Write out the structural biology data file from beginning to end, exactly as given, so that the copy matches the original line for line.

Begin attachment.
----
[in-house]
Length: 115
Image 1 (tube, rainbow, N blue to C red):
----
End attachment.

[in-house]
Length: 115
Image 1 (tube, rainbow, N blue to C red):